Beneficial improvements in insulin sensitivity brought about by exercise training attenuate within 3-6 days after the last exercise session.[21,22,23] Our results may reflect the impact of the most recent exercise session, or a training adaptation or an interaction of both. In clinical application, this suggests the value of consistent exercise frequency to maintain the beneficial effects on carbohydrate metabolism.

No change was seen in this study in glycosylated hemoglobin levels. Recent reviews of the response of glycosylated hemoglobin levels to exercise training found a modest response (0.5-1.0%) or no response to training interventions.[24,25] Variable findings have been attributed to small sample sizes and the complex pathophysiology of type 2 diabetes, which could have contributed to the lack of findings in this study.

Our finding of improved insulin sensitivity in response to a combined aerobic plus resistance training program suggests that resistance training may be a valuable aspect of exercise programming. This may be particularly true in light of the lack of significant response to an aerobic training only program in this study population. These are the first data demonstrating the effectiveness of resistance training in older women with type 2 diabetes and the effectiveness of a combined training program.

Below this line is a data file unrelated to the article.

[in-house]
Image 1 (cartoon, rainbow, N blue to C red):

In the combined exercise group, total abdominal AT was decreased, with the loss more apparent from the subcutaneous depot than from the visceral depot. These findings differ from reports in which exercise training without weight loss resulted in decreases in both abdominal AT areas in diabetic men[2] or decreased visceral but not subcutaneous abdominal depot in nonobese postmenopausal women.[26] In studies where exercise training is accompanied by substantial weight loss, decreases in both abdominal regions have been documented in obese women[27,28] and obese men.[18,29] The variable differences across studies may be attributable to small adiposity changes (in studies with no weight change), small sample sizes, and large variability in these depots seen in most studies. This study group was characterized by abdominal obesity (BMI of ~34 kg/m2 and waist circumference of ~112 cm) by selection criteria, but considerable heterogeneity in abdominal adipose patterning was apparent. Two studies with large sample sizes have shown changes in both visceral and subcutaneous abdominal AT after exercise training with small weight loss in obese postmenopausal women[30] or no weight loss in normal-weight premenopausal women.[31]